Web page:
ISBN : 9780198864042
Mary Barton explores counterterrorism in the years between World War I and World War II, starting with the attempted assassination of French Prime Minister George Clemenceau in 1919, and taking the story up to and beyond the double assassination of King Alexander I of Yugoslavia and French Foreign Minister Jean Louis Barthou in 1934. In telling the story of counterterrorism over this period, Barton gives particular emphasis to Britain's attempts to quell revolutionary nationalist movements in India and throughout its empire, and to the Great Powers' combined efforts to counter the activities of the Communist International. Further to this, Barton discusses the establishment of the tools and infrastructure of modern intelligence, including the cooperation between the United Kingdom and United States which would evolve into the Five Eyes intelligence alliance. She gives weight to forgotten terrorism and arms traffic conventions, and explores the facilitating role which the Paris Peace Conference and the League of Nations played in this context. The stories told in Counterterrorism Between the Wars play out across the world, from the remains of the Austro-Hungarian, German, and Russian empires, to the Northwest Frontier and the Bengal Province of British India. A century after the Paris Peace Conference of 1919, Counterterrorism Between the Wars is the first comprehensive study to fit together the mass production of weapons during the Great War with the diplomacy of the interwar era and the rise of state-sponsored terrorism during the 1920s and 1930s.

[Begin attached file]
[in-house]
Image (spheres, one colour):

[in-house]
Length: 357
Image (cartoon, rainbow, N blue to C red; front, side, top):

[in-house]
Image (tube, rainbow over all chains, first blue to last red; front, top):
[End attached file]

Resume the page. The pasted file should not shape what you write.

1 Arms and Diplomacy in the Postwar Order, 1919-25
2 Intelligence, Empire, and Terror: The British Experience
3 Fear and Liberty: The United States and the Communist Threat
4 The Arms Traffic Conference of 1925
5 Counterterrorism in British India
6 State-Sponsored Terror, 1934-37